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Kidney Int. 2008 Apr;73(8):913-7. doi: 10.1038/ Epub 2008 Jan 16.

Stem cells in the embryonic kidney.

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Division of Integrative Cell Biology, Institute of Molecular Embryology and Genetics, Kumamoto University, 2-2-1 Honjo, Kumamoto, Japan.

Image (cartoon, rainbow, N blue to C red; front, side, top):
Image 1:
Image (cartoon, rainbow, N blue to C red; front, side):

The mammalian kidney, the metanephros, is formed by a reciprocally inductive interaction between two precursor tissues, the metanephric mesenchyme and the ureteric bud. The ureteric bud induces the metanephric mesenchyme to differentiate into the epithelia of glomeruli and renal tubules. Multipotent renal progenitors that form colonies upon Wnt4 stimulation and strongly express Sall1 exist in the metanephric mesenchyme; these cells can partially reconstitute a three-dimensional structure in an organ culture setting. Six2 maintains this mesenchymal progenitor population by opposing Wnt4-mediated epithelialization. Upon epithelial tube formation, Notch2 is required for the differentiation of proximal nephron structures (podocyte and proximal tubules). In addition, the induction methods of the intermediate mesoderm, the precursor of the metanephric mesenchyme, begin to be elucidated. If derivation of metanephric mesenchyme becomes possible, we will be closer to the generation and manipulation of multiple cell lineages in the kidney.

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